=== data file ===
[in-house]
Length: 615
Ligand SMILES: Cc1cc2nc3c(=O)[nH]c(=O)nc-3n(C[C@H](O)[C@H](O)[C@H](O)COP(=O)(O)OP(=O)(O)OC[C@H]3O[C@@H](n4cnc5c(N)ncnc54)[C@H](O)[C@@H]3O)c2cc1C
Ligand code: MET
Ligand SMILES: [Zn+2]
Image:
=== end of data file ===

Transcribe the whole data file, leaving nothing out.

[in-house]
Length: 615
Ligand SMILES: Cc1cc2nc3c(=O)[nH]c(=O)nc-3n(C[C@H](O)[C@H](O)[C@H](O)COP(=O)(O)OP(=O)(O)OC[C@H]3O[C@@H](n4cnc5c(N)ncnc54)[C@H](O)[C@@H]3O)c2cc1C
Ligand code: MET
Ligand SMILES: [Zn+2]
Image: